John Hamilton, left, chief engineer of Boeings Commercial Airplanes division, and Dennis Muilenburg, CEO of Boeing, testify during the House Transportation and Infrastructure Committee hearing examining the design, development, and marketing, of the Boeing 737 Max jet in Rayburn Building on Wednesday, October 30, 2019.
Tom Williams | CQ-Roll Call, Inc. | Getty Images
Boeing Commercial Airplanes chief engineer John Hamilton , who was leading the response to the 737 Max crisis, is retiring, CNBC confirmed Wednesday.
The new head of Boeing Commercial Airplanes, Stan Deal, and Boeing’s chief engineer, Greg Hyslop broke the news in an internal memo to employees:
“John had planned to retire last year, but we asked him to stay on to help us with the 737 Max investigations and return to service efforts … We are immensely grateful to John for lending his expertise and leadership during a very challenging time.”
The Seattle Times was the first to report the news.
Lynne Hopper, vice president of Engineering for Commercial Airplanes, will take over the chief engineer role, and will continue to support Boeing’s Max efforts, the company said.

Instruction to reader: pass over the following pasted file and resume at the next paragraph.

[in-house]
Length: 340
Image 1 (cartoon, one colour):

In a statement to CNBC, Deal and Hyslop said Hamilton has “exemplified” Boeing’s “values of safety, quality, and integrity” throughout his 35 years at the company. “Now, after a career dedicated to excellence, John is retiring,” their statement said. “His guidance over the past year caps an outstanding career that covered multiple programs and functions, including serving as chief project engineer for the 757, Next-Generation 737 and P-8A, leading the Aviation Safety organization, and finally as the BCA Engineering leader. John’s strong commitment to safety will be one of his lasting legacies.”
Hamilton testified before Congress along with Boeing CEO Dennis Muilenburg, who was removed by the company’s board as chairman in October so he can focus on running the company after the 737 Max crisis.
The Federal Aviation Administration is planning to review hundreds of new Boeing 737 Max planes individually before they can be delivered to customers, an added wrinkle into the already-delayed certification of the jetliners, grounded since mid-March after two fatal crashes.
Boeing executives have repeatedly said they expect regulators to sign off on the planes this quarter. On Nov. 11, Boeing said deliveries could resume as early as this month, a forecast that investors applauded. But the FAA and its administrator, Steve Dickson, continue to say that the FAA has no set timeline to allow the planes to return to market, setting up a public tug of war between the manufacturer and the agency.
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